Dr. Stephanie Dailey discusses the book she co-authored with : Drs Carman S. Gill, Shannon L. Karl, and Casey A. Barrio Minton. In the book they present a comprehensive and easy-to-understand review of the changes in the DSM-5. In every chapter, the authors provide case studies that demonstrate these changes, along with helpful information for making diagnoses.
Among other questions Rebecca Daniel-Burke asks:
- What do you consider to be the most relevant non-diagnostic changes from DSM-IV-TR to DSM-5?
- What about removal of the multi-axial system and the GAF?
- So the WHODAS is online as well as in print, can you talk a bit about the online measures the American Psychological Association has published on their website? Are these required?
- Can you explain changes to coding and recording disorders? For example, what are the grayed out numbers in parentheses in the DSM-5?
- What about recording substance use disorders?
- Can you talk a bit about modifications to disorder classifications? For example, bipolar and depressive disorders now stand alone as separate chapters.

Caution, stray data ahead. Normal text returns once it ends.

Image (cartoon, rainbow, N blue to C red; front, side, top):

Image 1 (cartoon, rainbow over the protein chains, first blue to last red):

- Speaking of specific disorders, what do you think are the most significant diagnostic changes for counselors to know?
- Can you talk about the use of specifiers? I hear there are more specifiers in this edition than any other DSM to date?
- What are some major practice implications for counselors who use the DSM, specifically how will the transition from the DSM-IV-TR to the DSM-5 will influence the work of professional counselors?
When are counselors going to start using the DSM-5?
Running Time: 51:59
To buy the book: http://www.counseling.org/publications/bookstore